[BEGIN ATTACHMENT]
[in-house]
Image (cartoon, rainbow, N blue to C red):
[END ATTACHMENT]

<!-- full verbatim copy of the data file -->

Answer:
[in-house]
Image (cartoon, rainbow, N blue to C red):